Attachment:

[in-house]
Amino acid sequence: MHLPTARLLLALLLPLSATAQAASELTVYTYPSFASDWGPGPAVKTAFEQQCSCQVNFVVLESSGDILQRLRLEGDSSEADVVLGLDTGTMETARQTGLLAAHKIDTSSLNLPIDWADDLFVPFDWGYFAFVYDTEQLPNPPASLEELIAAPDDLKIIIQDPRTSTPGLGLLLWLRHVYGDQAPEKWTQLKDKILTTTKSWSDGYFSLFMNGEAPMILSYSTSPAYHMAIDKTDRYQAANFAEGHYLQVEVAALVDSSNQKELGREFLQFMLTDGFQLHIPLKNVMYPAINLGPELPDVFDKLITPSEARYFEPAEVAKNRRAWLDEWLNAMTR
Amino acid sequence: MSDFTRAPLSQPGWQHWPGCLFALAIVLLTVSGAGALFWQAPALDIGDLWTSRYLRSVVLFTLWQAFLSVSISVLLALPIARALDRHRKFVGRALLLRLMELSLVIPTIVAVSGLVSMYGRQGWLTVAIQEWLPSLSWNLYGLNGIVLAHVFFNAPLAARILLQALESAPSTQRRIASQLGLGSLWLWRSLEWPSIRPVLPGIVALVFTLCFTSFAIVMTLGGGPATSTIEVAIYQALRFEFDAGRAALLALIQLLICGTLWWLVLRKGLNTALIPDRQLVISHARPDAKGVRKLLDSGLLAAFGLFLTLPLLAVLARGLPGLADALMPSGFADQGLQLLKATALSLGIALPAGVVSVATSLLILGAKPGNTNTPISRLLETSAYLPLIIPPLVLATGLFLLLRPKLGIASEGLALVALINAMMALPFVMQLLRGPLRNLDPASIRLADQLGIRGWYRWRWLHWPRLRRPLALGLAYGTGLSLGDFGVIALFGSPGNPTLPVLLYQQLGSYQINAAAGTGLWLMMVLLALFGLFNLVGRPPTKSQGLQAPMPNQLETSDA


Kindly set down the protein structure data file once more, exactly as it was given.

[in-house]
Amino acid sequence: MHLPTARLLLALLLPLSATAQAASELTVYTYPSFASDWGPGPAVKTAFEQQCSCQVNFVVLESSGDILQRLRLEGDSSEADVVLGLDTGTMETARQTGLLAAHKIDTSSLNLPIDWADDLFVPFDWGYFAFVYDTEQLPNPPASLEELIAAPDDLKIIIQDPRTSTPGLGLLLWLRHVYGDQAPEKWTQLKDKILTTTKSWSDGYFSLFMNGEAPMILSYSTSPAYHMAIDKTDRYQAANFAEGHYLQVEVAALVDSSNQKELGREFLQFMLTDGFQLHIPLKNVMYPAINLGPELPDVFDKLITPSEARYFEPAEVAKNRRAWLDEWLNAMTR
Amino acid sequence: MSDFTRAPLSQPGWQHWPGCLFALAIVLLTVSGAGALFWQAPALDIGDLWTSRYLRSVVLFTLWQAFLSVSISVLLALPIARALDRHRKFVGRALLLRLMELSLVIPTIVAVSGLVSMYGRQGWLTVAIQEWLPSLSWNLYGLNGIVLAHVFFNAPLAARILLQALESAPSTQRRIASQLGLGSLWLWRSLEWPSIRPVLPGIVALVFTLCFTSFAIVMTLGGGPATSTIEVAIYQALRFEFDAGRAALLALIQLLICGTLWWLVLRKGLNTALIPDRQLVISHARPDAKGVRKLLDSGLLAAFGLFLTLPLLAVLARGLPGLADALMPSGFADQGLQLLKATALSLGIALPAGVVSVATSLLILGAKPGNTNTPISRLLETSAYLPLIIPPLVLATGLFLLLRPKLGIASEGLALVALINAMMALPFVMQLLRGPLRNLDPASIRLADQLGIRGWYRWRWLHWPRLRRPLALGLAYGTGLSLGDFGVIALFGSPGNPTLPVLLYQQLGSYQINAAAGTGLWLMMVLLALFGLFNLVGRPPTKSQGLQAPMPNQLETSDA